The reader is referred to Plate T-54 for a background synopsis of the geology of the Japanese Islands (see also Tanaka and Nozawa, 1977; Yoshida, 1975). The southwestern island of Kyushu contains many of the same petrologic, structural, and age units described earlier for the Inland Seto Sea scene. Kyushu is part of the Ryukyu Arc system, which meets the Southwest Japan Arc north of Oita. The southwestern extension of the Median Tectonic Line (MTL) once again divides this island into the older Inner Zone (metamorphic terrane) and the younger Outer Zone (sedimentary terrane). Various belts within these two zones cross the island. Their approximate positions as deduced from published maps are shown in the index map but, except for the MTL, neither the actual boundaries nor the different terranes are well expressed in the image.
The contact between the Sangun and the Ryoke metamorphic belts appears to run through the giant Aso caldera (see below). Cretaceous granites intrude into the Sangun belt. The western termination of the Sambagawa belt lies just below Oita. In the Outer Zone, the Chichibu belt is characterized by linear ridge crests. Patches and inliers of Silurian/Devonian, Carboniferous, Permian, and Triassic units occur mainly in this belt. The narrow Sambosan belt and its southern boundary fault, the Butsuzo Tectonic Line (BTL), seem to have a faint expression. To the southeast are Cretaceous sedimentary units of the Shimanto Belt. Paleocene rocks make up the surface at the lower right corner; an inlier of this age occurs to the north, and Paleocene units cover most of Amakusa Island. High-pressure crystalline schists comprise the north-south- trending Nishisonogi belt around Nagasaki, which may be a continuation of the Sambagawa belt.
|Figure V-24.1||Figure V-24.2|
The volcanoes of Kyushu (Matumoto, 1963) lie along the West Japan Volcano Belt that extends southwestward through the Nansei (Ryukyu) Islands. The Aso Volcano is a Valles-type caldera (20 km maximum dimension) formed by multiple collapses as pyroxene andesites ashflows were ejected during Late Tertiary through Pleistocene times. Ignimbritic ashflows, pumice, and other pyroclastics (some water-saturated, producing so-called "mud lavas") filled river valleys and extend almost across the island (light tones near caldera walls are ashbeds) (Yoshikawa et al., 1981). Views of Mount Aso, a post-collapse crater within the caldera, are presented in Figure V-24.1 and Figure V-24.2. Mt. Unzen, Mt. Kuju, and others in the Landsat scene, marked by V's, are dissected Quaternary stratocones that erupted lavas and ash of hornblende andesite composition.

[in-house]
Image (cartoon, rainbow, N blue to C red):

|Figure V-24.3||Figure V-24.4|
Figure V-24.3 is a Landsat scene taken on December 15, 1972. The three prominent rivers (from left to right) are: Tenyru, Fuji, and Tone Rivers. This is a critical section in the Japanese Arc geologic framework because it marks where the Island of Honshu is separated into two geologic regions (Southwest and Northeast Japan Arcs). In this area is a rupture zone known as the Fossa Magna, whose western border is denoted by the Itoigawa/Shizuoku Tectonic Line (upper left to lower center). To its east are the Kanto Mountains and Kanto Plain. (Part of western metropolitan Tokyo appears here.) The Akaishi and Kiso ranges to the southwest are on either side of the north-south Ina tectonic valley. Parts of the Sambagawa, Chichibu, Sambosan, and Shimanto belts lie to the south of the Tone River. The Median and Butsuzo Tectonic Lines continue through the scene but are deflected northward around the Fossa Magna (a folded zone containing Neogene sediments and Neogene/ Quaternary volcanics) before turning east again. North of these lines (near the top of the scene) are three Inner Zone terranes-the Joetsu, Ashio, and Tsukubawa belts. A province of the Green Tuff region, an assemblage of altered volcanic rocks and clastic sediments laid over older rocks in the Miocene, then folded, metamorphosed, and intruded by granites, occupies much of the western half of the scene.
In the Fossa Magna scene, the famed Mt. Fuji (Figure V-24.4), a composite cone, has erupted lavas, ash, and tephra of basaltic to mafic andesitic composition. To its southeast, the Hakone volcano is a caldera formed from collapses of an old and a young cone after numerous pumice and lava eruptions. The older Ashitaka volcano falls at the third (south) apex of the triangle of volcanoes that stand at the head of the Izu Peninsula. Older dissected stratocones are visible in the image north of the Fuji River and west of the towns of Takasaki/Maebashi on the Tone River. Still farther west is frequently active Asama-yama, site of a disastrous eruption in 1783 that produced two nuées ardentes and a lava flow. Landsat 30277-01130-5, December 7, 1978.
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